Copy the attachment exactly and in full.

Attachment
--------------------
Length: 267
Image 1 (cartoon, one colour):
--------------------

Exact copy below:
Length: 267
Image 1 (cartoon, one colour):